Presentation on theme: "1 Government Control during WWI Espionage Act : Made it a crime to spy, sabotage, refuse military service if drafted, or obstruct military recruitment.(1917)"— Presentation transcript:
1 Government Control during WWI Espionage Act : Made it a crime to spy, sabotage, refuse military service if drafted, or obstruct military recruitment.(1917) Sedition Act : Made it a crime punishable by imprisonment to say anything “disloyal, profane, or abusive about the government or armed forces.(1918)
When the United States entered the war in 1917, Germany increased U-boat attacks, hoping to win the war before American troops could make a difference. Convoys of British and American ships, protected by warships, provided better safety at sea.
Several factors gave the Central Powers an advantage on land. The Allies were exhausted from years of fighting. Russia was torn apart by revolutions at home. Communists gained control of Russia, and their leader Vladimir Lenin signed a treaty with Germany in 1918, ending Russian involvement in the war. The closing of the Eastern Front allowed Germany to send more troops to the Western Front.
In the spring of 1918, Germany began an all-out offensive on the Western Front. The attacks threatened to break through Allied defenses and open a path to Paris. More American soldiers began to arrive, and U.S. troops carried more of the burden of fighting.
War is Over On November 3, 1918, Austria-Hungary surrendered to the Allies. The same day the German sailors mutinied. November 9 th, socialist leaders in Berlin, established a German republic and the Kaiser gave up his throne. On November 11 th at the 11 th hour Germany agreed to a cease-fire and signed an armistice. No major battle, no Allied soldiers on German soil. Germans were too exhausted to continue. 5
The Big Four met with the leaders of the other Allied countries to discuss the fate of Europe, the former Ottoman empire, and various colonies. The Paris Peace Talks The Central Powers and Russia were not allowed to take part in the negotiations at the conference.
Goals of the Allies at the Paris Peace Conference Woodrow Wilson “Peace without victory” based on the Fourteen Points David Lloyd George Money to rebuild and improve Britain Georges Clemenceau A weakened Germany Vittorio Orlando Lands promised to Italy in secret treaties People of Eastern European empires National states of their own
The Big Four at the Treaty of Versailles Britain: David Lloyd – George Felt GB should be given Germany’s colonies Wanted Germany weakened in some way Felt GB should have some control of the seas
The Big Four France : George Clemenceau Wanted French troops on the Rhineland guarding against future attacks Wanted Alsace-Lorraine back- taken in 1870 Wanted Germany to pay for everything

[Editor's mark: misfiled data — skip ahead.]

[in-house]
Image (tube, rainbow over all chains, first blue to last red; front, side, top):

The Big Four Italy: Vittorio Orlando Wanted extra land for Italy Wanted his FAIR SHARE from the spoils of war
USA: Woodrow Wilson Wilson’s Fourteen Points made specific proposals to promote future peace. Practice open diplomacy. Allow freedom of the seas. Encourage free trade. Reduce arms stockpiles. Scale back colonialism. Encourage self-determination of nations. Establish a League of Nations.
However, Allied leaders at Versailles wanted reparations. European leaders did not share Wilson’s vision of peace without victory. They wanted Germany to pay for war damages. They also wanted to protect European colonialism and expand their countries’ territories.
Wilson did succeed in establishing the League of Nations, a group of more than 40 countries formed to negotiate disputes in an effort to avoid future wars. Because of opposition to the League, the United States Senate refused to ratify the Treaty of Versailles. The United States never joined the League of Nations. Although it promised collective security, the League proved ineffective in preventing future wars.
The German delegates were horrified because the Allies: Forced Germany to accept full blame for the war Imposed reparations of $30 billion on Germany Severely limited the size of the German military Took land and overseas colonies from Germany In June 1919, the Allies forced Germany to sign the Treaty of Versailles.
Germany had to accept total responsibility for starting the First World War. this was called the War Guilt Clause or Article 231.
Germany had to pay $30 billion in reparations to cover war damages and other Allied losses. These were called reparations.
In 1919, one loaf of bread cost 1 mark; by 1923, the same loaf of bread cost 100 billion marks. 4.2 marks = 1 U.S. dollar at the outbreak of World War I By November 1923, the American dollar was worth 4,210,500,000,000 German marks
Germany had to hand over some 70,000 square kilometres of land. This accounted for about 13% of all of her land and six million of her people who lived there.